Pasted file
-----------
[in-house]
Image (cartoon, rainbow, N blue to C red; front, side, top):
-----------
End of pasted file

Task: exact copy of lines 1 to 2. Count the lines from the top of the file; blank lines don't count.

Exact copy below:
[in-house]
Image (cartoon, rainbow, N blue to C red; front, side, top):